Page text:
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Toledo, Oregon push for stronger Lake Erie protections
ByTom Henry | BLADE STAFF WRITER Published on Aug. 10, 2018
Toledo and Oregon have become parties to a lawsuit filed by two groups that calls upon U.S. District Judge James G. Carr to order the most comprehensive cleanup strategy for western Lake Erie, known as a total maximum daily load.
The two plaintiffs, the Midwestern-based Environmental Law & Policy Center and the Toledo-based Advocates for a Clean Lake Erie, contend the federal Clean Water Act requires the highly aggressive TMDL cleanup strategy to be followed by the Ohio Environmental Protection Agency once the Kasich administration finally relented in March — after years of resistance — and declared western Lake Erie’s open waters to be impaired.
They want the judge to impose a TMDL order on the U.S. EPA, with the understanding the federal agency would then require the Ohio EPA to carry out the program.
Toledo’s decision to get involved dates back to May 1, 2017, a day before Mayor Wade Kapszukiewicz announced his candidacy for that office.
During an all-day tour of southeast Michigan factory farms, Mr. Kapszukiewicz, a Democrat, told The Blade there were two things he would do if elected: First, call for the impairment status and, second, have Toledo assist the two plaintiffs in their lawsuit.
He never had to call for the impairment status once elected because former Mayor Paula Hicks-Hudson — a Democrat who had long sided with the Kasich administration on that issue — had a sudden change of heart last September, weeks before the election, after a thick blanket of algae appeared in downtown Toledo just as ProMedica was preparing for a major regatta near Promenade Park.
“I campaigned on cleaning up the lake and we are following through on that today by filing this motion,” Mr. Kapszukiewicz said in his prepared remarks Friday, referring to a court filing known as an amicus brief.
“We need to hold the nonpoint sources accountable and this is one way we can do it. We support the efforts of the Environmental Law & Policy Center, Advocates for a Clean Lake Erie, and Mike Ferner, who has pushed for years to get tougher regulations for polluters,” the statement said.
The city of Oregon co-signed the eight-page memorandum. That city’s mayor, Michael J. Seferian, said in his prepared remarks that it is “important for our communities to continue to work together to protect the lake.”
In the motion, the two cities argue they should be given standing as plaintiff parties because they believe the U.S. EPA “is refusing to protect the environment by continuing to allow the state of Ohio to ignore the mandates of the Clean Water Act.”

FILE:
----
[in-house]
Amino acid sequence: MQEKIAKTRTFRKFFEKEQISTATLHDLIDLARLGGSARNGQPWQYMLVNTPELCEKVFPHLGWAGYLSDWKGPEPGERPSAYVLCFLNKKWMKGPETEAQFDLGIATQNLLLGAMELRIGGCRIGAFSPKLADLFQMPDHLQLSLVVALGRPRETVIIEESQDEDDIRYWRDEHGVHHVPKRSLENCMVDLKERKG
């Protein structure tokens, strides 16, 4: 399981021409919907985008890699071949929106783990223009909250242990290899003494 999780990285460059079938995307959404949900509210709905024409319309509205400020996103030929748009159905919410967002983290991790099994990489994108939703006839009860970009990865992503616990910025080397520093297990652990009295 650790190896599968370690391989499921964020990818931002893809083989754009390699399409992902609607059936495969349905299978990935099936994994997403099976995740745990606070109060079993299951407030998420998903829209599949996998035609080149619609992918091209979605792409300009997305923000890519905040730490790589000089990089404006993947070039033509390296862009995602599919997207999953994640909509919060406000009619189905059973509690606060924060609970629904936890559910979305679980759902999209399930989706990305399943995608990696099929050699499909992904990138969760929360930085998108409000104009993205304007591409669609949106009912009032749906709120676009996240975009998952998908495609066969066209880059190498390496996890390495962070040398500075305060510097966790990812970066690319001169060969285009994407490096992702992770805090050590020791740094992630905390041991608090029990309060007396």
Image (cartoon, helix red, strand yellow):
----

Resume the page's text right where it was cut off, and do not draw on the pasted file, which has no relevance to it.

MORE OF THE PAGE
“The Clean Water Act’s requirement to create a TMDL for an impaired waterway is a solution to [a] pollution problem that involves many actors,” lawyers for the two cities wrote.
Their brief cited The Blade’s coverage of an Ohio EPA report from April that contends 88 percent of algae-forming phosphorus flowing down the Maumee River and into Lake Erie comes from nonpoint sources like agricultural runoff.
“Voluntary measures of reducing nonpoint sources of nutrients are not working,” the memo states. “Without the guidance and accountability that a TMDL analysis would provide, it is highly doubtful that the political support will exist to hold nonpoint polluters accountable in a regulatory manner. Hence, the phosphorus loading will continue unabated and Lake Erie will continue to turn green every year.”
Howard Learner, ELPC’s executive director, welcomed support from the two cities, telling The Blade it is “an important action for advancing necessary solutions to reduce agricultural runoff pollution that is contaminating Lake Erie.”
Local residents are “entitled to safe, clean drinking water supplies and a healthy Lake Erie fishery and ecosystem,” he said.
Said Mr. Ferner: “It's an encouraging difference from past city administrations, which didn't even recognize Lake Erie was impaired. It should add momentum to the lawsuit and hopefully encourage Judge Carr to make the EPA do its job.”
The U.S. EPA declined to comment, citing its longstanding policy against talking about cases in progress.
The Ohio EPA and the Kasich administration did not respond to requests for comment.
The Justice Department, in open court and in briefs, has asked Judge Carr to dismiss the case on the grounds plaintiffs got what they wanted from an impairment designation. The plaintiffs have argued the judge should retain jurisdiction to ensure the designation is more than symbolic.
Justice Department lawyers also have stated, including in a document filed Monday, the Ohio EPA has never “clearly and unambiguously abandoned its obligation to produce a TMDL.” Plaintiffs point to at least one statement by an agency official claiming the Ohio EPA is not interested in going that route.